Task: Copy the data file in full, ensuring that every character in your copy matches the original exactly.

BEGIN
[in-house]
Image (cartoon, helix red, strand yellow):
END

[in-house]
Image (cartoon, helix red, strand yellow):